Why I’d Want Darkness In Me (Or, At Least, Not Mind It)

Why I’d Want Darkness In Me (Or, At Least, Not Mind It)

Author: Fire Lyte

While listening to an old clip from The Way of the Master Radio – a Christian Fundamentalist show, the radio host asked why anyone would want darkness in them. He asked this because Kirk Cameron, the co-host, had infiltrated a Mabon ritual and recorded the whole thing. This question came about, because pagans supposedly celebrate the balance of light and dark within them and in the world on the vernal and autumnal equinoxes – contemporarily known as Ostara and Mabon, and the two hosts could not fathom why anyone would want to accept darkness within. This is a really good question, and one that should inspire a lot of internal questioning.

Why in the world would anybody want to celebrate the balance of light and dark within him or her?

This is one of those trick questions kids ask one another on the playground that takes some fact or circumstance, twists it, and asks it in such a way that there is no good answer. For example: Does your mother know you lie? If you say yes, then you admit to lying and you assume the guilt of having let down your mother. Alternatively, if you say no, then you admit to lying to your mother about lying, and you assume the guilt of keeping a secret from your mother. There is no secret option C in which you neither lie, nor have to admit your deceit to your mother.

Well, this question is the same thing. We celebrate the balance of light and dark within us, firmly acknowledging that both exist. It is not that we want one over the other, and it is not that we want only one. This is one of the beautiful facets of paganism that I see as a benefit to our collective ideals. We may not agree on a lot of things, but we agree that we worship something solid, something real. At the heart of many of our religious tenets lies a central Earth worship, or the notion that we tie our sabbats and magical practices to the physical universe. Prosperity spells when the moon is waxing and so on. As such, we have a tendency to honor the natural laws of existence. We celebrate birth and death equally, and know that they are not points of singularity, but rather spokes on an ever-turning wheel.

Let’s try an experiment.

Think hard. Raise your hand if you’ve ever wanted to take an item off the shelf and just leave the store with it without paying. I mean, this economy is pretty tough, and I see lots of things I wouldn’t mind having without burdening my wallet with an inconvenient charge.

Raise your hand if you laughed when someone tripped or saw someone go through hard times and thought, “They had it coming.” Raise your hand if you’ve ever wanted to be the one who collects on karmic debts or if you’ve ever wanted to take a break from monogamy for just one day. Raise your hand if swift revenge seemed like the only option. Raise your hand if you’ve ever really wished someone would die. Raise your hand if you’ve ever thought about what a razor blade would feel like going inside your wrist. Raise your hand if you’ve ever had a dark moment…

Now, keep your hand raised if you didn’t go through with it. And aren’t you glad you didn’t?

Aren’t you glad you had enough inner balance to view the dark thought, shed some light on it, and put it neatly back in the box of dark thoughts where it belongs? It doesn’t matter if you briefly weighed the option of stealing the bottle of soda or if you dwelled upon a guilty conscience for years. The point is that at some point or another, you balanced out. You were not swallowed up by that singular point of darkness.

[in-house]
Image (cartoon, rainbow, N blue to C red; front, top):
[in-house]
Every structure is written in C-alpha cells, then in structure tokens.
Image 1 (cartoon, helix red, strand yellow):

It would be a wonderful thing if we only ever had good thoughts. It would be great if the world were a fluffy pillow and the sun shone everyday and the radio station only played your favorite songs. But it isn’t. I’ve said before that reality isn’t fun, but it’s what we’ve got, and that’s really very true. As pagans, we acknowledge that we have our dark moments, and we can view them from a balanced perspective, because we also acknowledge our light. We differentiate them, because of one another. How would we know what moments are truly triumphant, truly joyous, if we did not have the hard times to compare them to?

It would be a foolish act on our part if we turned a blind eye on darkness. It exists, and it is as real and corporeal as if it were caressing you in the night. We are only prepared to face it, because of the balance of light and dark, because of the knowledge of past dark times, and the light we brought in to turn the dark away. If you knew an army was going to invade your country, rape your women, kill your men, and burn your cities, would you acknowledge the threat or talk about what a beautiful day it is? There is something to be said for reveling in the good times, but we must not let the good get in the way of reality.

On a different tangent, dark and light can quite literally also mean the times of year. The darker parts of the year are times when we don’t want to be as active, when the earth is bare, and when times are a bit hard. Without the sun, it is easy to become melancholic and shut off. Again, in these instances, we celebrate the light and the dark, because we know that light will come again. We remind ourselves to not get complacent in the dark, and to actively seek to bring light into every corner of our lives during times when it doesn’t come naturally. (Both literally and figuratively.)

Celebrating the balance of light and dark is celebrating the very nature of the universe, celebrating the most natural parts of nature. We acknowledge both, because both exist, and we do not wish to be foolish when the time comes to face one or the other. The good can be just as overwhelming as the bad, and can cause as much harm. Have you ever been so ecstatic that you forgot about your other daily duties? Have you ever let time get away from you when having fun that it turned into neglect of yourself or others?

If we are not conscious of consequences, the choices we make are one-sided and potentially harmful, dark. I see this with a lot of college-aged kids who stay out all night partying, enjoying the goods of youth, but forget to study or don’t get enough sleep or forget to come to work.